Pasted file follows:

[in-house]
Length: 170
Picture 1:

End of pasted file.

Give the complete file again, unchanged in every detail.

[in-house]
Length: 170
Picture 1: